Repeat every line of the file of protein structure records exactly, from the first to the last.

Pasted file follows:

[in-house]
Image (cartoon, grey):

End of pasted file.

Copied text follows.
[in-house]
Image (cartoon, grey):